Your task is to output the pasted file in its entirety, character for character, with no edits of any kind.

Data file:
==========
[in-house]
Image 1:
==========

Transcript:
[in-house]
Image 1: